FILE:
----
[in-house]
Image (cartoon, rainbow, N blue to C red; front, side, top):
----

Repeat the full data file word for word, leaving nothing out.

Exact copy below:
[in-house]
Image (cartoon, rainbow, N blue to C red; front, side, top):